Tufts on the Mediterranean Diet

Among the dietary patterns specifically recommended by the Dietary Guidelines for Americans (DGA) is the Mediterranean-style diet, which has been linked to reduced risks of heart disease and cognitive decline.

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A healthy Mediterranean-style diet includes many of the same key ingredients found in MyPlate for Older Adults. The chief difference between a Mediterranean-style diet and other healthy-eating plans is the emphasis on unsaturated fats found in plant foods, especially monounsaturated fat in the form of olive oil. All healthy diets recommend limiting foods high in saturated fat, such as fatty meats and full-fat dairy, minimizing added sugar, and avoiding processed foods.

Eating More Like a Mediterranean

To move your diet in a Mediterranean-style direction, try these suggestions:

1 Eat plenty of vegetables.
Try a simple plate of sliced fresh tomatoes drizzled with olive oil, or eat salads, garlicky greens, fragrant soups and stews, or oven-roasted medleys.
2 Change the way you think about meat.
If you eat meat, have smaller amounts – small strips of sirloin in a vegetable saute, for example – or substitute skinless chicken breast or fish for red meat in a few meals each week.
3. Enjoy dairy products in moderation.
Eat Greek or plain yogurt, and include small amounts of cheese in your meal plans occasionally.
4. Eat seafood twice a week.
Fish such as tuna, herring, salmon, and sardines are rich in omega-3 fatty acids, and shellfish including mussels, oysters, and clams have similar benefits for brain and heart health.
5. Cook a vegetarian meal one night a week.
Build meals around beans, whole grains, and vegetables, and heighten the flavor with fragrant herbs and spices. Down the road, try choosing meatless meals two nights per week.
6. Use good fats.
Include sources of healthy fats in daily meals, especially extra-virgin olive oil, nuts, peanuts, sunflower seeds, olives, and avocados.
7. Switch to whole grains.
Whole grains are naturally rich in many important nutrients, and their fuller, nuttier taste and extra fiber keep you satisfied for hours. Cook traditional Mediterranean grains such as bulgur, barley, farro, and brown, black, or red rice, and favor products made with whole-grain flour.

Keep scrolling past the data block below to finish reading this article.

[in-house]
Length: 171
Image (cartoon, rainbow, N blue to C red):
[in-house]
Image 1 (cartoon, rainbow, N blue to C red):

8. For dessert, eat fresh fruit.
Choose from a wide range of delicious fresh fruits – from grapes and pineapple to pomegranates and apples. Instead of daily ice cream or cookies, save sweets for a special treat or celebration.

To learn more about ways to improve your diet, purchase the Healthy-Aging Diet from Tufts Health and Nutrition Letter.

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3 Comments

Filed under dairy products, dessert, meat, Mediterranean Diet, seafood, vegetables

3 responses to “Tufts on the Mediterranean Diet

  1. Just make sure, when you go to all of the trouble of cutting red meat from your diet, to do something about the iron you’re missing. I’ve seen what a lack of iron can do to a man’s health (happened to a buddy of mine when his wife put him on a turkey and chicken diet). It isn’t pretty, my friend.

    Liked by 1 person

  2. It’s so good that one way of eating has continued to be recommended over many years: the Mediterranean way. Once we get it, we’ve got it forever.

    Liked by 1 person

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